Mom rode a stationary bicycle, "The kind that moves your arms, too!" for fifteen minutes a day ago. My mom, dad, and their four kids - me included, obviously - plus my sister-in-law gathered in Mom's rehab room Friday evening with the hope of 'all of us getting on the same page.' We live hundreds of miles apart so a face-to-face was quite helpful. A wonderful event, a party! Mom looks and sounds like herself 100%. Dad is more relaxed, though he's still a bit of a worry-wart. I baked cupcakes and gave one to each of us saying, "Every party needs cake!" We laughed together, ate cupcakes together - Mom was silent as she savored hers, licking the frosting off her fingers; it was cute. We planned and prayed together, parting after the sun had set but the sky was still light, the earth fresh from an early summer rain storm. I floated home alone, happy. We'll know Wednesday whether Mom will need surgery to repair herniated discs or some other procedure. Either way she should be home by the end of the month. Knowing her, it will be sooner. She's back! The fire is back in her belly, and the light in her eyes. So much have we learned from all of this. So very very much. Thanks, everyone! We're almost there.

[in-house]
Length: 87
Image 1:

Wandering Coyote said...

Hey Cherie,

I'm just getting back into blogging after a health-related hiatus. I'm glad to hear that things are going well for your mom and that your family has pulled through this, tougher and stronger than ever!

IndianaJones said...

such good news about your Mom. Wonderful, insightful and thoughtful post as usual.

Cherie said...

Thanks, WC and Summer!

Wandering Coyote said...

I just saw your post with the quote about the elderly over at Heightened Awareness, but when I click to go to the blog, it doesn't show. Stupid technology!

Anyways, it was a great quote, and I agree with it. Different cultures, different wisdom. We have to integrate it better, though.

Cherie said...

Sorry 'bout that, WC. That was my fault. I saved it as a draft while I was doing some editing, putting the pictures on and sprucing it up. It should be there now.

Yeah, it is definitely a different wisdom and culture than we are used to. You are right, we need to integrate it better though. It's not easy. Not at all. But we can do better. We're pretty spoiled here in the West and selfish, too. I know I am.

Mike S said...

It's so easy for even us slightly older folks to realize that we experienced death of loved ones differently as youths in a bygone era. An era where the elderly, frail, sick, dying, and all the rest of the family(at least in the area I lived)lived close enough to each other for constant contact. This meant we watched folks born, as children, and as they aged and died. It was just a part of life.